Teaching English in Japan: Mostly Fun and Games

My four-year teaching career has now come to an end. I liked it, I was good at it, and I can always fall back on it if need be. I’ve now experienced almost everything I’ve wanted to experience about school life in Japan. Continuing any further would be less about new experiences and more about long-term career and life goals—a noble path but not mine just yet.

English teaching jobs are actually very easy to get, though potential employers would have you think they’re granting you a rare privilege. The only requirements are having a four-year college degree (mainly for immigration purposes) and having your primary and secondary education all done in English. On top of this, if you understand basic grammar and have a clear voice, you’re well-qualified for the job. Teacher training, teaching experience, and Japanese ability may be viewed favorably but definitely aren’t necessary. Contracts typically run for one year and will be renewed unless you’re downright terrible or disliked at your job.

The JET programme is widely considered the best teaching gig in Japan. You’re hired directly by the Japanese government, so there’s no middleman finding ways to nickel & dime you. The timing for JET didn’t work out for me, so I applied to two companies instead: AEON and Interac.

First I interviewed with AEON, a private English conversation school. To make a long story short, they’re a bunch of assholes. Post forthcoming.

Then I interviewed with Interac, a middleman company that places teachers directly in the Japanese school system, generally in elementary and junior high schools. Nothing fancy, no curveballs, just a matter-of-fact interview, and I got the job. A few months later they offered me a placement in a countryside town. While you have the right to reject a placement, that generally puts you at the end of the waiting list until another chance comes up. I thought timing was more important than location, so I accepted the offer and left for Japan soon thereafter.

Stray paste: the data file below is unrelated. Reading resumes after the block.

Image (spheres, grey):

Teaching in elementary and junior high schools is mostly based around games and activities. Elementary school students don’t do any formal studying of English. Junior high school students have a Japanese teacher of English to teach them grammar, writing, vocabulary, and all the other nitty-gritty of the language. Most of these Japanese teachers of English aren’t fluent, which is why native-speaking foreigners are needed.

Some schools provide lessons plans. Some individual teachers provide lesson plans. Other times you’ll have to develop lessons yourself. It’s not hard though; your middleman company will give you just about all the training you’ll need. Then with a bit of experience it becomes second nature.

After two years of not getting laid in the countryside, I wanted to move to the city. The two year mark is when the average foreign teacher moves back home, giving the remaining teachers more leverage with their veteran status. I moved on to a middleman company that placed teachers in private junior high and high schools. The gig came with a modest jump in pay and benefits. Whereas I basically lost money during my first two years in Japan, I came out ahead during my next two years.